About Crown Cave Waterfall
The Crown Cave Waterfall was an informal name I gave this unusual underground waterfall that sat deep within the recesses of the Crown Cave in the world famous Guilin (桂林 [Guìlín]; Osmanthus Woods). The first thing that struck us about this waterfall was its pretty powerful flow. We could literally hear it thunder and echo loudly for most of our time touring the cave.
The waterfall was actually more of an incidental attraction within the much more extensive Crown Cave (also referred to as Guanyan Cave) itself, even though there was a separate fee to visit this waterfall. In fact, there was a separate ticket kiosk right in front of the narrow corridor that led right to the viewing platform right in front of the loud falls (see photo at the top of this page). I don’t recall how much extra per person we had to pay for this though.
In any case, the Crown Cave was the primary attraction as it featured tall chambers of the usual stalactites and stalagmites with various random formations that tended to induce some bit of imaginative associations. We often saw signs next to the formations that resembled something we might be familiar with in real life (though I honestly didn’t remember which ones we saw since they weren’t that memorable to me). I understand that the cave was so named because its entrance resembled a crown though we couldn’t draw that conclusion ourselves.
Nonetheless, our tour of the Crown Cave started off with a brief walk along the Li River (note that we were driven here instead of doing this as part of the Li River Cruise), which was flanked by a tracks that supported a Disneyland-like Autopia ride that seemed to allow paying customers to traverse the path we walked in a go-kart type experience. Once we were at the end of the path, we took a short boat ride across part of the Li River, and then took what seemed to be an alternate entrance into the cave than what most people on tour would be taking.
Once inside the cave, we walked through parts of the cave taking in the interesting formations which were lit up by colorful artificial lighting. The lighting was customary for most caves where they would allow tourists since everything here would’ve been pitch black without it. However, the authorities here spruced things up a bit with some very colorful hues in the light which provided a bit of eye candy in addition to the visual and navigational aids to allow such a place to be visited safely by tourists.
Eventually, we got onto a subterranean train ride that was kind of in the spirit of what we might have seen in Disneyland as the tracks were kind of rollercoaster-like. Of course this wasn’t meant to be a thrill ride and it was pretty much a short excursion leading to a section of the cave where we then took a subterranean boat ride that took us even deeper into the cave (though taking non-flashed photographs here was a challenge due to the low light and constant motion). I got the sense that this was about as deep into the cave as we were allowed even though we were well aware that we saw some 3km of the cave out of the 12km that have been known so far.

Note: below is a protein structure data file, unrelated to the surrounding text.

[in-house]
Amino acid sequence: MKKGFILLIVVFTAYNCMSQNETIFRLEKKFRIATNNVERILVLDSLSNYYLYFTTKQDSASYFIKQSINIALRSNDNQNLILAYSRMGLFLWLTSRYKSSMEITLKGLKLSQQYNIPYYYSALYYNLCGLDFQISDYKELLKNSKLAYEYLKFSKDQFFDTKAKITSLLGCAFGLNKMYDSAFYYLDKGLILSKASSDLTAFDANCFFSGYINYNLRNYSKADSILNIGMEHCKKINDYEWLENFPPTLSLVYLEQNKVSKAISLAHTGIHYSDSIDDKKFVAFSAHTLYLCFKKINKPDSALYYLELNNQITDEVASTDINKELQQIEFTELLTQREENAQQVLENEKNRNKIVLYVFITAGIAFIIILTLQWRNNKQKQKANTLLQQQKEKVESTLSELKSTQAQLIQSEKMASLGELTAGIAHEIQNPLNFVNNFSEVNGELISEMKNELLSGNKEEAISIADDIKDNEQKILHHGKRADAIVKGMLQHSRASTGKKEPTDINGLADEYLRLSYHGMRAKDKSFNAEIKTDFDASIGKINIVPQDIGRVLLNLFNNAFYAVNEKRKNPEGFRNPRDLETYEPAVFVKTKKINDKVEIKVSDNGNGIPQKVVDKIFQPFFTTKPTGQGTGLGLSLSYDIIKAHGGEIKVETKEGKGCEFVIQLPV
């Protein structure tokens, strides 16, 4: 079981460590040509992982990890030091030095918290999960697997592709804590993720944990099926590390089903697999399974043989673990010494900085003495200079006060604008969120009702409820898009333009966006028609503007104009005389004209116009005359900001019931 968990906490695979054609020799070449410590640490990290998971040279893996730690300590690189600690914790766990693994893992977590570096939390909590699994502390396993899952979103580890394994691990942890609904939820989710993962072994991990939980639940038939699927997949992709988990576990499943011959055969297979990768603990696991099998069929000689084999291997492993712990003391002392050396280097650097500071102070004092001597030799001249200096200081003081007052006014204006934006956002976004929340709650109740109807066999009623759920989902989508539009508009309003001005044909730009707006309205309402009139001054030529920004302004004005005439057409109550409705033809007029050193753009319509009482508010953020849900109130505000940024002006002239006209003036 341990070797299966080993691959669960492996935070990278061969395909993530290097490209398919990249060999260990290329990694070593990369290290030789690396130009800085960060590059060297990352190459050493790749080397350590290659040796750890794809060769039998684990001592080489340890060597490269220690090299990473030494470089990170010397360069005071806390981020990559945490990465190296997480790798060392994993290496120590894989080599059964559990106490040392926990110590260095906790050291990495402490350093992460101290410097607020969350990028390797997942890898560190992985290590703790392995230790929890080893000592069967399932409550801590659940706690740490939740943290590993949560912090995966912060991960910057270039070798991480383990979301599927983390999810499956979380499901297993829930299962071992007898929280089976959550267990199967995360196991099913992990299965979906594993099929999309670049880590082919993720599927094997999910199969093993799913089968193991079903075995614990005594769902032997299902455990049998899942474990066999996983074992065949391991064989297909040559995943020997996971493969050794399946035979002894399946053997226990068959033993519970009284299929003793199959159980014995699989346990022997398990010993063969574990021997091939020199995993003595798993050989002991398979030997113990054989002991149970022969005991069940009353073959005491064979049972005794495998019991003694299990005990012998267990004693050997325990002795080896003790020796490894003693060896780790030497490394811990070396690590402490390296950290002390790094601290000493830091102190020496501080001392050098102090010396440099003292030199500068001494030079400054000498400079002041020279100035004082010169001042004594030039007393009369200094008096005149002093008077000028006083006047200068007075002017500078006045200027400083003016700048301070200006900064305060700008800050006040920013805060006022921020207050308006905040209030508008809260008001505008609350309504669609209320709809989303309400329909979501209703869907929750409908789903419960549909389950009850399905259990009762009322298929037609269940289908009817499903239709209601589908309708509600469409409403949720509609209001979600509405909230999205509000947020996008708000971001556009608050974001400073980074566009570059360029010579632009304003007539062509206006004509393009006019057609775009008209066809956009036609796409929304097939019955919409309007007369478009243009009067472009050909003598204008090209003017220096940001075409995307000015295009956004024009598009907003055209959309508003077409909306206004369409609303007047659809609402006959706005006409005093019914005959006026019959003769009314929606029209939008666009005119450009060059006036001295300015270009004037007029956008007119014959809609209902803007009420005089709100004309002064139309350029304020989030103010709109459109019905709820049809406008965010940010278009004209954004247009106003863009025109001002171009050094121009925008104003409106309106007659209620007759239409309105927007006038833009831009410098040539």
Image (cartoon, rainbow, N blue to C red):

When we got off the boat, the loud thunder of the Crown Cave Waterfall was very audible, and so we then took another well-established and well-lit path to get closer to the source of the noise. That was when we saw the ticket kiosk before the corridor leading closer to the falls, paid the extra fee (not included with the Crown Cave admission price), and then ended up at a lookout platform right before the short but very unusual waterfall.
Parts of the lookout were a bit misty thanks to the force of the water and the confined space. When crowds would arrive, there was practically little to no chance of taking a decent long exposure photograph or even people photographs without someone photobombing it. So we were very opportunistic about getting our shots where we could while exercising a lot of patience.
We spent probably an hour in the cave, just to give you an idea of how extensive the tour was.
The Crown Cave itself is about a 30- to 45-minute car ride from Guilin city (said to be 29km south of the city) passing by a turnoff for the Gudong Waterfall. It has been said that some Li River (漓江 [Líjiāng]) Cruises make a stop at this cave though that wasn’t the case in our particular boat tour, which we did the day after we were driven to this cave.
Geographically speaking, Guilin was a 90-minute flight from Hong Kong, 1,531km (16 hours drive or 3 hours flight) southwest of Shanghai, and 1,976km (20 hours drive or over 3 hours flight) south of Beijing.
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